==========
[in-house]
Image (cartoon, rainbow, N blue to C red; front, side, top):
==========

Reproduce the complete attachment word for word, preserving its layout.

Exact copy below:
[in-house]
Image (cartoon, rainbow, N blue to C red; front, side, top):